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Glen at the Cinque Ports Arms, New Romney, continues to change the beers on offer but usually has one from the Old Dairy Brewery. For the pubs beer festival, the brewery produced a house beer “Cinque Top” for the occasion, which sold very well.

The Downs The Dukes Head, Sellinge, appears to be more adventurous with the selection of ales and on a recent visit the offering was, Wychwood Hobgoblin and Hopback Summer Pride. The Tiger, Stowting, seems to be majoring on local beers, on a recent visit, Canterbury Ales “Millers Tale”, Old Dairy “Red Top”, Gadd’s “Seaside” and Adnam’s “Old” at the reduced strength of 4.2%, in addition to a Biddenden cider on hand pump.

became unviable in the current economic climate with 4 other pubs within walking distance. Shepherd Neame praised Sally recently for offering some of the extensive grounds to be used by locals as allotments and supporting the local community. One day the accountants will learn that they should be understanding the business and operating environment and not the bottom line on a balance sheet!! The number of times that I have heard of the rent being increased to an unacceptable level by the leaseholder and the tenant leaving only for the brewery or pubco to then install a new tenant at a lower rent and ruin the business is more times than I can count on my fingers (and thumbs) on both hands. The Five Bells, East Brabourne, continues to serve Kentish beers usually from Goacher’s, Whitstable Brewery or Hopdaemon, together with a barrel of Biddenden cider on stillage at the end of the bar.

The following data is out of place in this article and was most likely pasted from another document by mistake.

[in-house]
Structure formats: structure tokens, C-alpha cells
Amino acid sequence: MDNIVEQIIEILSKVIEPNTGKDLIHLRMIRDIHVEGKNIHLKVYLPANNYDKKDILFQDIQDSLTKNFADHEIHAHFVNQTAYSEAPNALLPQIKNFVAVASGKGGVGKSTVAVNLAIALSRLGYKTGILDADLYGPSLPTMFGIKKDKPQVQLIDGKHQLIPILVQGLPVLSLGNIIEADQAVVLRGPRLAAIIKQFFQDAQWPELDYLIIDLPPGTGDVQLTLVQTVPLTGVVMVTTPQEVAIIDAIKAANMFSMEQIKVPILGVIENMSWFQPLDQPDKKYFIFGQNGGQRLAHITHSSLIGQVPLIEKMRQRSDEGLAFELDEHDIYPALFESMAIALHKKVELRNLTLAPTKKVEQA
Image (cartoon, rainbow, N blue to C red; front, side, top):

Tenterden area The Bull, Rolvenden, in addition to now selling cask ales, has applied for planning permission to convert the out buildings into 4 en-suite bedrooms and other external alterations.

The Bowl, Hastingleigh, is now only offering Kentish beers, recently from Wantsum, Hopdaemon and Gadd’s, but beers from other local breweries can be expected in this rural but friendly pub. During their regular August Bank Holiday beer festival the pub raised in excess of £1,000 for a Programmable Investigation Unit to be installed in Kings College Hospital. One day the powers to be will realise that local pubs not only serve the community as a focal point but also raise a significant amount of money for charitable causes. The Plough, Brabourne Lees, will shortly be loosing their friendly pub management as a result of Shepherd Neame raising their rent to an unacceptable level that made the business